This story has been updated.
Paul Rusesabagina, the inspiration for the film Hotel Rwanda who later became a San Antonio resident, was released from a Rwandan prison over the weekend after spending more than two and a half years in government custody, friends close to the family confirmed Monday.
San Antonio-based friends of Rusesabagina expressed joy and relief at the news of his release. Rusesabagina, who is currently in Qatar, is expected to return to San Antonio within the next couple days.
Rusesabagina, 68, has been detained in Rwanda since August 2020 after his plane flew to Kigali, the capital of Rwanda, instead of going to Burundi, a neighboring country that he thought he was traveling to. Rusesabagina was arrested on arrival and has been imprisoned since then. After a trial that supporters denounced as a politically motivated show trial, he was sentenced to 25 years imprisonment on terrorism charges.
The years waiting for his release have been long and arduous, said Kathleen Tobin Krueger, who has known Rusesabagina and his family for decades. Tobin Krueger’s late husband, U.S. Sen. Bob Krueger, served as U.S. ambassador to Burundi, which shares a border with Rwanda, from 1994 to 1995.
“I’ve been crying and laughing and crying and laughing,” she told the San Antonio Report Friday. “It reminds me of a quote by Nelson Mandela when he said, ‘It always seems impossible until it’s done.’
“I’ve been clinging to that phrase throughout these last two years while knowing he was kidnapped, tortured, held in solitary confinement and denied his medications.”
Rusesabagina rose to international fame after his 1994 efforts to save more than 1,200 fellow Rwandans from genocide inspired the 2004 Oscar-nominated film Hotel Rwanda. After his position as a political opponent of Rwandan leader Paul Kagame caused Rusesabagina to leave the African nation in 1996, he lived in Belgium, then moved to San Antonio in 2009, splitting his time between the U.S. and the Belgian capital of Brussels. His son, Tresor, attended St. Mary’s University and graduated in 2022.
According to the Associated Press, Rwandan government spokeswoman Yolande Makolo told reporters Friday that Paul Rusesabagina’s 25-year sentence was commuted by presidential order after a request for clemency. Under Rwandan law, a commutation doesn’t “extinguish” the conviction, she added.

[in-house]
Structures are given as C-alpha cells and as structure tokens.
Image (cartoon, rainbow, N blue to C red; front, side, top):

During his captivity, elected leaders and others in San Antonio pressed for his release. St. Mary’s classmates of Tresor Rusesabagina made a class project of efforts to write to local Congressmen, and they called on Texans of faith to contact their senators and representatives in Congress to urge President Joe Biden’s administration to demand Rusesabagina’s release.
St. Mary’s University Professor Bill Israel, who remains close to Tresor Rusesabagina, said he felt U.S. Rep. Joaquin Castro (D-San Antonio) should get much of the credit for the release since he was been working on it for several years, ever since Israel’s class wrote to the congressman.
In a statement issued Friday, Castro called Rusesabagina a hero and called his detention unjust.
“Together with his family, friends, and supporters around the world, I am overjoyed to hear the news of his impending release and look forward to his safe return,” Castro said.
Israel added however that he will not breathe a sigh of relief until Rusesabagina is safely back in the United States, where he is a legal permanent resident.
“It’s been an amazing story, a nerve-wracking story,” Israel said. “… I won’t believe it until I see him in the streets of San Antonio.”
Israel helped family members and supporters stage a rally in downtown San Antonio in October 2021 to bring attention to the case. Representatives from the Chicago-based Hotel Rwanda Rusesabagina Foundation led the event to raise funds for legal efforts to free him.
Last year, Rusesabagina’s family filed a $400 million lawsuit in Washington, D.C., against the Rwandan government over his capture and detainment.
Tobin Krueger said she and Paul’s family members were grateful to the U.S. leaders who helped make his release happen, especially Biden and U.S. Secretary of State Antony Blinken, who “became personally involved to help Paul’s release become a reality,” she said. She also thanked European Union ambassadors abroad who helped push for his release.
Just months before he was apprehended by the Rwandan government, Rusesabagina shared his story of surviving the genocide in Rwanda as the keynote speaker for Dreamweek, an ideas summit held annually in San Antonio.
“I never say I saved people,” he said in the January 2020 speech. “But I helped people survive. Hôtel des Mille Collines had 1,268 displaced refugees in my hotel. All of them survived. None of them were beaten. None of them were killed. Go ahead and tell me another place in the country where everybody was saved from beginning to end.”